Using DNS A records gives you each server’s IP address, but you must hardcode the port. You can also configure HAProxy to query for DNS SRV records in order to set the port in addition to the IP address. An SRV record returns a hostname and port number.
First, you’ll need to change the A records so that instead of having a hostname, myservice.example.local, resolve to multiple IP addresses, each A record will have a different hostname, such as host1, host2, and host3. Then, add the same number of SRV records and configure them to resolve a service name, such as _myservice._tcp.example.local, to the hosts you defined in your A records.
For example, suppose your DNS server returns three A records and three SRV records, as shown:
Here, the SRV records for the _myservice._tcp.example.local service resolve to host1 at port 8080, host2 at port 8081 and host3 and port 8082. The A records resolve the IP addresses for these hosts.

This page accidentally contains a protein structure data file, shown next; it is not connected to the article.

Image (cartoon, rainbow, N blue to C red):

Update your HAProxy configuration to look like this:
Now when you invoke the
show servers state servers Runtime API command, it shows both the IP address and port for each server:
This is equivalent to adding a backend to HAProxy that looks like this:
When you add more SRV and A records to your nameserver, they will automatically be added to the
backend, filling in the web4 and web5 slots.
By using DNS for service discovery in HAProxy, we can conveniently scale backend servers without making explicit runtime configuration changes or configuration file updates.
If you would like to use DNS for service discovery before waiting for the stable release of HAProxy 1.8, please see our HAProxy Enterprise – Trial Version or contact HAProxy Technologies for expert advice on how to best integrate the solution into your existing infrastructure.
In parallel with continuous technical work and improvements, we are also planning on publishing further blog posts describing effective use of HAProxy in microservices environments and integration of HAProxy with 3rd party tools and orchestration systems.
Stay tuned for more blog posts on using microservices with HAProxy, and happy scaling! Subscribe to this blog!